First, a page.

1UP have posted a neat little video interview with Jonathan Blow and David Hellman, the developers of time-bending indie platformer, Braid. (Is it me or are developers increasingly possessors of incredible names?)
Posts Tagged ‘jonathan-blow’
While they may not be the largest demographic in the world, for a certain group of gamers Braid is going to be the most keenly anticipated and closely watched game of the year. And while it’s a fascinating-looking, both aesthetically and mechanistically, it’s not entirely because of its innate qualities that there is such anticipation. The game was notable enough to win the 2006 IGF Design innovation award, but it’s still not because of that: it’s because Braid is Jonathan Blow’s first full game (Putting aside his glorious prototypes). He’s one of the major driving forces in the experimental end of the indie-field, hosting the Experimental Gameplay Workshop at GDC. Most relevantly, however, he’s the indie-scene’s premier agent-provocateur. Decrying World of Warcraft as unethical and eviscerating Bioshock’s so-called moral choices will do that.
In other words, certain people are paying close attention to Braid for one simple reason: It’s put up or shut up time.
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Jonathan ‘Braid’ Blow has posted a recording and illustrative slide show from his talk at the Montreal Games Summit. It’s stirring stuff. Blow attacks World of Warcraft, describing the grind of leveling and the reward system inherent in that as “lying to the players”, and even suggests that designers should be ashamed of exploiting illusory level-based mechanics. He argues that games are, like film and literature, becoming a powerful medium in which creators will be able to make choices they can be ashamed of. He wonders whether games as they are currently executed could lead to a “societal problem”. Gasps and nervous laughter rises from the audience as Blow delivers his ideas, an audience which reportedly included uncomfortable-looking reps from Blizzard. (Blow argues that some game rewards are like drugs, while others are more like food. Good and bad. But we at RPS love both food and drugs equally, so we were a little confused about what he meant.)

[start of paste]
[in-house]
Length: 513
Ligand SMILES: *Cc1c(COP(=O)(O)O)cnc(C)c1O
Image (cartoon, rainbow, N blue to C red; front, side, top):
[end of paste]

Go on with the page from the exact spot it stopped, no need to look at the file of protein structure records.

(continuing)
Anyway, Blow goes on to attack Bioshock’s Little Sister dilemma, and characterises the Big Daddy as the sympathetic character of the piece. He compares the emotional response created Bioshock’s “big choice” to the frustrations people felt when they were forced to incinerate their Weighted Companion Cube in Portal. Could Portal’s approach, of using mechanics rather than character-based empathy (think of our response to Alyx Vance, or freed Little Sisters) point a way to better, ultimately more rewarding game design?
Blow’s argument is a little wobbly in places, but I think it’s constructive. You should have a listen.